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As the SQL Server best practices says, "Windows Authentication mode is more secure than SQL Authentication". And now I want to know: is there a way to protect SQL Server from user with Windows administrator rights?

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6th Immutable Law of Security: "A computer is only as secure as the administrator is trustworthy." Laws 2 and 10 are also relevant here. technet.microsoft.com/library/cc722487.aspx –  Dan Neely Feb 13 '13 at 22:23

3 Answers 3

up vote 12 down vote accepted

No.

If a user is a Windows Administrator of a box, assume that they own everything on the box (including SQL Server). With Windows Administrator rights it is trivial to bypass any targeted protection you apply (such as a logon trigger that identifies their user name), by impersonating someone else (including NT AUTHORITY\SYSTEM, which gets de facto admin rights on all local SQL Server instances). Auditing won't help much either, because they can easily turn that off, but you should have it just in case.

If you don't trust someone, don't give them Windows Administrator rights, period.

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+1 anything claiming to deny builtin\administrators is snake oil –  Remus Rusanu Feb 13 '13 at 17:50
    
+1 Prudent advice. –  Thomas Stringer Feb 13 '13 at 18:03

No, it's not possible to completely prevent local administrators from gaining sysadmin access to a SQL Server instance.

If the instance is restarted in single-user mode, SQL Server is hard-coded to allow local administrators sysadmin privileges, even though there may not be an explicit login. The reason this exists is for recovery purposes because it's possible to lock yourself out of an instance.

That said, restricting access while the instance is running in multi-user mode (with no service interruptions) is not as difficult. As Aaron mentioned, local administrators can impersonate NT AUTHORITY\SYSTEM, which by default has a sysadmin-level login created in SQL Server 2008. This can be exploited to recover sysadmin access while the server is running. (Note: in SQL Server 2012, this login is no longer a sysadmin.) I don't know exactly what this login is used for (upgrades/hot fixes/etc., presumably), but I think it's safe to disable it except during those events. If there are no other impersonatable logins, that should be sufficient to deny access. Again, only if the instance is running, uninterrupted.

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By default in SQL 2008 and 2012, there is no default access for Windows administrators to a SQL Server. For a Windows administrator (i.e., someone who is either a Domain Administrator or a Local Administrator) to have access, their login needs to be explicitly granted access or the group they belong to granted access along with rights within SQL Server itself. You are required, when setting up the instance, to specify one Active Directory login or group as an administrator, but that login/group can be anyone in your domain.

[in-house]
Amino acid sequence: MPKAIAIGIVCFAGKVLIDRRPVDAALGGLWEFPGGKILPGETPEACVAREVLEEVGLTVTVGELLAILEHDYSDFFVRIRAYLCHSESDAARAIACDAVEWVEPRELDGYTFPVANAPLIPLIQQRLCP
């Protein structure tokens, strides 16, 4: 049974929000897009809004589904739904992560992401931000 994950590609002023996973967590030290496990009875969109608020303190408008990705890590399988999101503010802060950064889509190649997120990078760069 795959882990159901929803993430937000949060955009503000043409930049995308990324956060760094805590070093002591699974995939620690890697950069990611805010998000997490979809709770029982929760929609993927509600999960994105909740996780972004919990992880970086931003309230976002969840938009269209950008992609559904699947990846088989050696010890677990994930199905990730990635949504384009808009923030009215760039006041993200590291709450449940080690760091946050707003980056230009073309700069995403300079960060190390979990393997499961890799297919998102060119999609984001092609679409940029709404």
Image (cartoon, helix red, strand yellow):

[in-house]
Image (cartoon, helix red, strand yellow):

In SQL 2005, there was a BUILTIN\Administrators group with sysadmin access rights. This group would allow local administrators sysadmin access to SQL Server. This group can be removed from SQL Server and it was considered best practices to do so.

That being said, there's no way to prevent Windows (local or domain) from affecting the server that SQL Server lives on. This means the administrators can still affect services and OS level configurations, change directory security, and other OS level tasks. This is, after all, why they are Windows administrators.

In general, you should trust your administrators, both SQL Server and Windows. While the Windows administrators can not perform tasks or access data (by default) within the SQL Server itself, they still control the environment in which your SQL Server lives. You need to take care with who you assign to those roles.

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Do not take too much comfort in this - while the changes Microsoft made make it a little more secure, it is nowhere near bulletproof yet. It is trivial for a local administrator impersonate and do their bidding directly to any local SQL Server instance - so you need to be worried about more than just indirect influence at the OS level. –  Aaron Bertrand Feb 13 '13 at 17:26
    
I've got to ask - what circumstances justify granting a non-trusted user administrator access to a server? –  Mark Allen Feb 14 '13 at 5:26
    
Personally, I don't think any. As many other people have stated in other answers (and not so clearly here), you should trust your administrators. And if you don't trust them, don't make them administrators. –  Mike Fal Feb 14 '13 at 16:06

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